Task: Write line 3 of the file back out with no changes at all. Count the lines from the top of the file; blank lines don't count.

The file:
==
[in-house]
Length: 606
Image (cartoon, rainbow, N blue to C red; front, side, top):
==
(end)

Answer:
Image (cartoon, rainbow, N blue to C red; front, side, top):